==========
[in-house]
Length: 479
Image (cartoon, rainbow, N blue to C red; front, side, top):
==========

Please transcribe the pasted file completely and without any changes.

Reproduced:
[in-house]
Length: 479
Image (cartoon, rainbow, N blue to C red; front, side, top):